One mama’s quest for community involvement and community engagement turned out to be, in a word: delicious. In two words: delicious chaos. In three words: inspirational delicious chaos. We could go on and on. Originally posted on The Intuitive Mama. Thank you to Jordann for letting us share some of the story here.
My moms’ group rocks! I feel so lucky to have been connected with such amazing, fun women. Yesterday was no exception. We decided to take on a huge project for one of our Moms’ group get-togethers. We cooked for 60 homeless youth at Janus Youth Shelter. In a normal situation, 8 women cooking for 60 people might not be such an undertaking, but there were also 8 VERY ACTIVE babies in the house while this was going on.
Thank you to gDad, Terrence, for visiting us on the gDiapers blog.
Smile and nod
Before I had a baby I thought the hardest part would be the diaper changes, or possibly the feedings, nothing could’ve prepared me for what was to trump my biggest baddest fears … other parents.
From the day I stepped out of that Sierra Vista hospital with Madison I’ve been subject to any one of the following responses by other parents:
1) Where is the mother? (This is the overwhelmingly largest question I’m asked.)
2) You’re taking her out by yourself?
3) Do you need me to hold the baby for you while you do (whatever it is I’m currently attempting to do)?
Even worse than the above three, just yesterday I heard the cringe worthy “GOOD JOB DAD!!” because I had dared to take her out in her push car. At times it’s enough to make me want to throw in the towel and not leave the house until she is able to drive, or at the very least tote around a female companion to quell the constant stares, questions, and assumptions.
MPD afflicts a majority of dads. The sad part is that most dads don’t even know they have it until it’s too late; Johnny gets in with the wrong crowd, or Suzy becomes a stripper. The key is to detect the warning signs early. Then, do something about them.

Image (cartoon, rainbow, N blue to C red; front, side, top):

The indications of MPD are:
General sense of being unconnected with the baby.
Baby doesn’t like you very much. In fact, baby prefers just about everyone over you.
Overall fear of breaking the baby.
Overwhelming thoughts of “Man, I can’t wait until this kid gets bigger so we can play together.”
Whether you suffer from minor MPD or a full-on case, I have discovered a new drug for you! And the best part is, that you only have to take it once a day.
It’s called Changethenex* and it’s available without a prescription!
Ever since conception, gDiapers has insisted that business and family can go together better. We’ve had onsite childcare from day one. It’s evolved with time, taking a different shape as the business has grown. But no matter the configuration, what it allows is a freedom for parents to have more time with their children, for nursing moms to conveniently feed their little ones, and for us all to be more interconnected. Here is just a sampling of some of our personal experiences.
“We started gDiapers 8 years ago with flex friendly policies at the fore. We were parents to brand new babies and there was simply no other way to run the company 10,000 miles away from home (Sydney) without permanent back up! We set up onsite day care, offered 4 weeks paid leave and 3 months paid maternity leave, along with the option to telecommute. Today we are moving to a model that moves people into work that is truly in their affinity, not just in their job description.”
Blessed be the interwebs. It is because of them that we are able to connect with so many crafty, witty and inspiring folk like Kim Bongiorno of Let Me Start By Saying. We shared one of Kim’s hilarious lists on the gDiapers facebook page the other day and poof, just like that, we found a new friend in Kim. Thank you to Kim for taking time out of her day to pop over and visit us on our blog. We hope it’s the first of many visits.
I was vacuuming today, sweating and annoyed while doing so, and it got me to thinking: how the heck have I managed to hold down my job of being a Stay-At-Home-Mom for so long? I’m terrible at it!
Most days I feel like I got this job by accident. By lying on my resumé or accidentally getting promoted into the wrong department. Sheer pride insisted I try not to get caught doing something I’m totally unqualified to do, and seems to be the main motivator in keeping me from admitting the clerical error.